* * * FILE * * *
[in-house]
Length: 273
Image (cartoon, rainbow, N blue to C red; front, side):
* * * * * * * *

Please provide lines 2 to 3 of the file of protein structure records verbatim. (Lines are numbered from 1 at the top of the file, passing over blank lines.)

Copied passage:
Length: 273
Image (cartoon, rainbow, N blue to C red; front, side):